While the whole market is suffering, the pain is particularly sharp for imported vehicles, which are forecast to drop 55% (to 290,000 units). Carmakers that made efforts to localise their production in Russia in recent years are not always getting this benefit either: PwC expects that foreign assembled cars will finish the year 33% down on 2014 at 860,000 units. Russian brand vehicles, meanwhile, helped in part by government subsidies and incentives, will slide 10% to 370,000 units, though that figure may be lower should the government phase out a scrappage scheme in place.
“Government support is important to the sector,” said Litvinenko. “It is an important question whether the government will continue to fund the current programmes. The Russian budget has already been revised and decreased.”
Although the drop in the rouble versus the dollar and euro would in theory make Russian vehicle exports more competitive, the country’s vehicle plants are mainly engineered to serve the Russian market and neighbouring Commonwealth of Independent States, countries whose economies also tend to suffer relative to Russia. The Eurasian Customs Union, which now includes Russia along with Kazakhstan, Belarus and, from January this year, Armenia and Kyrgyzstan, presents further opportunities for export, but little that can make up for the scale of the Russian market’s decline.
Mikhail Cherekaev, deputy director of trade policy at the Analytical Centre for Foreign Trade at Russia’s Ministry of Trade, revealed that vehicle exports had fallen in the first quarter by around 30% in value terms. There are, nevertheless, several examples of carmakers, including Hyundai, Nissan and Lada, trying to increase exports.
Carmakers and their suppliers may be bunkering down for a long slog. Although the Russian economy is expected to return to moderate growth next year, vehicle sales are not expected to make a quick rebound the way that they did after 2009. PwC doesn’t see passenger vehicles reaching their 2012 peak of 2.8m units until 2019 at the earliest even in a “best case scenario”, said Litvinenko. A market that was once expected to sell more than 3.5m vehicles by 2015, and to have surpassed Germany as Europe’s largest new vehicle market, is now forecasted to sell between 3.1m-3.4m vehicles only by 2024 or 2025.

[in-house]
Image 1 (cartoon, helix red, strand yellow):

Already the situation has cost the industry the larger part of one carmaker: GM will stop production at its St Petersburg plant – the capacity for which it had been in the process of increasing – as well as contract assembly volume at Kaliningrad and at the Gaz plant in Nizhny Novgorod. GM will end sales of Opel vehicles in the country along with the majority of Chevrolet models (it will maintain a joint venture with Avtovaz that builds the Chevrolet Niva). While GM’s response is so far the most dramatic, other brands are also withdrawing models from the Russian market and slowing production. Volkswagen Group, Peugeot Citroën and Mitsubishi have temporarily idled their production lines in Kaluga. Logistics providers at the conference wondered who might be the next carmaker to pull out altogether.
The impact of the market’s fallout on the supply chain has of course been dramatic, with freight volumes and rates going down. On top of that, high inflation, which has been close to 12% per year both in 2014 and this year, has led to higher costs. “We have to increase the pay of our drivers by around 15% per year to keep from losing highly skilled, educated and trained people,” said Elena Lukanova.
Even with a positive outlook, she added that business was a matter of “survival” until the vehicle market hopefully improves in 2017. “Everyone has a lot of problems with financing, for example, so maintaining quality is hard,” she said. Other logistics providers in the country have also acknowledged that they are reducing their fleets and staff in response to the crisis.
The crisis has other brought other impacts to bear upon the wider supply chain in Russia. Over the past five years since the market first started to recover from the global economic crisis, both government policy and manufacturers’ strategies have focused on increasing localisation of assembly and component supply in Russia. A number of carmakers including GM, Ford, Renault Nissan and the Volkswagen Group, as well as tier suppliers, signed agreements with Russia’s Ministry of Economic Development that set production capacity and localisation targets in exchange for duty and customs exemptions that could be worth as much as 30% of their costs.